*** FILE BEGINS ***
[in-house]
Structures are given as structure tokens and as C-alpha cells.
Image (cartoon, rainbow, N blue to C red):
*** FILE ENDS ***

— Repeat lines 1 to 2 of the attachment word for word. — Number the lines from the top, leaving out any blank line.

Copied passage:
[in-house]
Structures are given as structure tokens and as C-alpha cells.